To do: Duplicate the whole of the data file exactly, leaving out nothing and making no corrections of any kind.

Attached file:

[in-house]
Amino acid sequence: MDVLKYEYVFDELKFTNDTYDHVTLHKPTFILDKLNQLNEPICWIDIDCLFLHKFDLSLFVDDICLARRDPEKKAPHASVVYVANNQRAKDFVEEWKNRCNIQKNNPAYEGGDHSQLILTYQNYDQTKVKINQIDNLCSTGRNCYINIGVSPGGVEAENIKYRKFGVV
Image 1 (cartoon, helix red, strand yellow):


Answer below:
[in-house]
Amino acid sequence: MDVLKYEYVFDELKFTNDTYDHVTLHKPTFILDKLNQLNEPICWIDIDCLFLHKFDLSLFVDDICLARRDPEKKAPHASVVYVANNQRAKDFVEEWKNRCNIQKNNPAYEGGDHSQLILTYQNYDQTKVKINQIDNLCSTGRNCYINIGVSPGGVEAENIKYRKFGVV
Image 1 (cartoon, helix red, strand yellow):